Yesterday morning, Kevin McElroy told you he would be buying and selling silver at a local bullion vendor. In the afternoon, he did just that – and I was there to document the proceedings. What ensued should be quite instructive for any readers who are thinking of buying or selling silver on their own soon.
Kevin bought 15 1-ounce Canadian Maple Leaf silver coins for $510. He also sold two 1-ounce Silver Eagle coins for $55.10. Why did Kevin spend so much more than he sold? As he wrote yesterday, his reasons were two-fold. First, he wanted to build a relationship with the vendor, who opened up a shop about a mile from Kevin’s house in early April, for when he wants to unload some of the silver he bought yesterday. And second, Kevin wanted to buy silver while it’s cheap after the metal has been beaten down over the past six months.
Another reason why Kevin bought and sold silver yesterday was to give his readers – especially those of you who have never bought or sold silver from a vendor before – a glimpse into how the process works.
Here are six valuable lessons that we learned:
1) Silver is really cheap right now. At $27.55 an ounce yesterday (it’s now moved up to $28.56/ounce), silver is as cheap as it’s been since late December. In fact, since cresting at around $43 an ounce in early September, silver has lost roughly 35% of its value. If the past 18 months are any guide, silver has now reached – as Kevin wrote yesterday – “the bottom of a strong support range.”
2) Don’t buy silver from a catalog that shows up on your front door or from watching a TV commercial. Ever. Our highly knowledgeable and forthcoming local vendor John Kirby pointed to a catalog based in New Hampshire that was selling 1-ounce silver bars for $87 a pop — $60 over the current spot price!
“That’s just sad,” John said. “It’s discouraging for the consumer.They’re selling to unsuspecting (customers) thinking they’re putting retirement away for their family. We had one lady came into my old shop with over $40,000 in coins from this company and we couldn’t pay her more than $6,000 for it. That goes to show you the mark-up. It’s vicious price gouging.”
Ordering silver through the mail from a reliable vendor even has its drawbacks. Some mail-order companies charge you $5 over spot price. Factoring in the additional shipping, processing and insurance fees can quickly add up to $7 per ounce over spot.
So it’s best to buy silver and gold directly from a vendor. John charged Kevin only $2 more than what he bought it for. That brings us to our next lesson when buying silver…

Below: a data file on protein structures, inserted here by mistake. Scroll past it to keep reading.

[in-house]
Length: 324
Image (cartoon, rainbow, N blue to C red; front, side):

3) Vendors operate on very thin margins. Just the day before, John claimed to have bought $4,200 worth of silver just to make $130 in profits.
“The market is so volatile,” he said. “Today the market’s off 3% (from the day before), so if I sold the 150 ounces of silver that I bought yesterday at the level it should be sold at, I’m going to end up breaking even and losing my profit on it. When you’re in this business, you buy 150 ounces of silver and work on $135 of profit.”
The higher the mark-up, the greater the profit for the vendor, of course. That’s why finding someone like John who sells for just $2 an ounce more than the spot price he paid will save you oodles of money. John bought the Maple Leafs he sold to Kevin in early May, when spot prices were close to $32 an ounce. He sold them to Kevin for $34 an ounce – or 60% less than what Kevin would have paid if he’d ordered his silver through a certain New Hampshire catalog.
4) If you’re going to buy silver, Eagles and Maple Leafs are your safest bets. Those generally carry the lowest premiums.
5) Be sure to bring cash if you’re buying silver or gold. Because they operate on such slim margins, not every vendor takes credit cards – which can charge the vendor an extra 1% for each transaction.
6) The final lesson of buying and selling silver from a vendor: any vendor worth his salt is both trustworthy and knowledgeable. In addition to the low premiums Kevin paid for his silver, John bought Kevin’s silver coins for up-to-the-minute spot prices. He simply pulled up the pricing information on kitco.com – a very valuable source for all things gold, silver and platinum – and paid Kevin the $27.55 an ounce they were worth at the time. Some vendors pay less than spot.
As Kevin wrote yesterday, if you don’t trust your local vendor, or don’t find him or her to be very knowledgeable, then “find another one.”